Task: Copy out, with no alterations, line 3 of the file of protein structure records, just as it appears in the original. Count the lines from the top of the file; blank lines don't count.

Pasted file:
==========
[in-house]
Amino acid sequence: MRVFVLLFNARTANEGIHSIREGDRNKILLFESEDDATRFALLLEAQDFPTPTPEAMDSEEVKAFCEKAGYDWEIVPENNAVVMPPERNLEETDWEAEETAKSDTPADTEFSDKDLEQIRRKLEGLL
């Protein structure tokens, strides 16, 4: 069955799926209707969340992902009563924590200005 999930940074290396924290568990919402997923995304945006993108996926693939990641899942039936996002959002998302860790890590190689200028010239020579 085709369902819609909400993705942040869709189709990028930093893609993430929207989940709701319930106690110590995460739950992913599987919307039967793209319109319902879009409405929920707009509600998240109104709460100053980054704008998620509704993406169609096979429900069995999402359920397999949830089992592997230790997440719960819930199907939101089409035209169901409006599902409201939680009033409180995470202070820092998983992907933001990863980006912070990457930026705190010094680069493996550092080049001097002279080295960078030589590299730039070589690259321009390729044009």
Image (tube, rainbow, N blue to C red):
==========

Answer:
């Protein structure tokens, strides 16, 4: 069955799926209707969340992902009563924590200005 999930940074290396924290568990919402997923995304945006993108996926693939990641899942039936996002959002998302860790890590190689200028010239020579 085709369902819609909400993705942040869709189709990028930093893609993430929207989940709701319930106690110590995460739950992913599987919307039967793209319109319902879009409405929920707009509600998240109104709460100053980054704008998620509704993406169609096979429900069995999402359920397999949830089992592997230790997440719960819930199907939101089409035209169901409006599902409201939680009033409180995470202070820092998983992907933001990863980006912070990457930026705190010094680069493996550092080049001097002279080295960078030589590299730039070589690259321009390729044009």